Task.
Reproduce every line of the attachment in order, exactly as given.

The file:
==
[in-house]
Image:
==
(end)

[in-house]
Image: